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Maintaining a Used Car
By Joanne Brickman
Many used cars available today give new meaning to the old used-car come-on, "Like New." A lot of them really are like new, thanks to the large quantity of high quality cars being returned to dealerships at the end of their lease terms. Whether you buy almost-new or truly-used, it is important to take good care of the vehicle. Once it's yours, the key word is maintenance.
Simply put, maintenance is keeping your car working well and looking good. There are basically two maintenance theories: do-it-yourself and let-someone-else-do-it. Most do-it-yourselfers have a fundamental knowledge of how an automobile works and how to keep it working. They can, and most prefer, to do routine maintenance like changing the oil or replacing spark plugs. They have an intimate relationship with WD-40 and seem to enjoy getting grease on their new sweat suits.
Used cars, as you might suspect, require more attention than new cars. Even those in the let-someone-else-do-it camp who have bought used cars have a number of tasks they must do regularly to keep that vehicle in good condition.
Even the person who has trouble finding the car's gas tank can do some simple, but essential, maintenance checks.
Belinda, who has trouble keeping track of which guy she's dating at the moment, is a stickler for keeping tabs on anything that could go wrong on her old Honda Civic. Every time she puts gas in the car, for example, she whips out her tire tester and promptly checks the air pressure in all four tires. Belinda bought this tire tester at a parts supply store and carries it everywhere with her. She's afraid the one at the gas station won't be accurate, or there may not be one there at all. This simple tire check ensures Belinda of the best possible steering and handling, equal wear on the tires, and good fuel consumption. Since she usually puts gas in her car first thing in the morning at a station close to where she lives, she checks her tire pressure at the most opportune time. After the car has been driven for awhile, the tires heat up and the air expands so the reading isn't accurate. Because outside temperatures affect tire pressure, it is important that this simple maintenance check be done regularly. Be sure to take a minute or two at least once a month to do a tire check. The recommended pressure for your car's tires is in the vehicle's owner's manual. No manual? Look on the tire's sidewall. You might also find the information in the glove compartment or on the driver's door.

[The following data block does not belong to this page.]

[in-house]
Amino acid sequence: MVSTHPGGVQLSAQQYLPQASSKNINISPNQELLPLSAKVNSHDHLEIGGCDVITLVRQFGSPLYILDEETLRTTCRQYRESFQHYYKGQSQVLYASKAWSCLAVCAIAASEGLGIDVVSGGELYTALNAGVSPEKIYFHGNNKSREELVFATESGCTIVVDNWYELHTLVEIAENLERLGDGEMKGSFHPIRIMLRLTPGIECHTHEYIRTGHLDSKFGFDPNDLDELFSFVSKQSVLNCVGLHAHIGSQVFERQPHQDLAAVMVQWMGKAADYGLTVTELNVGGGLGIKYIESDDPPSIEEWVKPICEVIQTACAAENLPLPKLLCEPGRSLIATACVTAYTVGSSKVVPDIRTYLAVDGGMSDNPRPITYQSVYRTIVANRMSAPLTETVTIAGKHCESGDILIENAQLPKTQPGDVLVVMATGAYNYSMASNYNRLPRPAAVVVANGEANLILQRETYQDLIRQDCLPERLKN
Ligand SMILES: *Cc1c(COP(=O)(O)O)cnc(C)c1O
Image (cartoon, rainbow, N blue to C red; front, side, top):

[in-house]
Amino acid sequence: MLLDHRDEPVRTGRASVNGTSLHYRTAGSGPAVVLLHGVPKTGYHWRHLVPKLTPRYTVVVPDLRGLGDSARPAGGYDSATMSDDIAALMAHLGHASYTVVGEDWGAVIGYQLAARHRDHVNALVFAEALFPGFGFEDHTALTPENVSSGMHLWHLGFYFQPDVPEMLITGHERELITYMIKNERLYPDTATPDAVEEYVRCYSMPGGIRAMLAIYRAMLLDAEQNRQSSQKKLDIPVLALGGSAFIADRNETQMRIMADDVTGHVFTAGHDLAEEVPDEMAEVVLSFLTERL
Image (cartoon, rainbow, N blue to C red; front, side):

Even if your tires are warranted under a protection plan such as that offered by Volvo Certified Pre-Owned Car Program , it is necessary to perform regular maintenance to keep the tires functioning properly and to ensure the validity of the warranty.
Another important maintenance check do-it-yourselfers will find easy is keeping an eye on the windshield wipers. Th...
59.1-207.9, et seq.
Title Of Act:
Virginia Motor Vehicle Warranty Enforcement Act
Definition Of Defects:
Nonconformity to all warranties which significantly affects the use, safety, or market value of vehicle
Replace with comparable vehicle acceptable to consumer or accept return and refund full purchase price, including all collateral charges, and incidental damages, less a reasonable allowance for consumer's use of vehicle up to first notice of nonconformity given
Time Limit for Manufacturer Repair:
Manufacturer's warranty period or lemon law rights period ending 18 months after date of original delivery to consumer of new motor vehicle